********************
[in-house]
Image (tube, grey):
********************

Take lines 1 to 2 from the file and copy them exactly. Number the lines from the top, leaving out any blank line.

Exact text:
[in-house]
Image (tube, grey):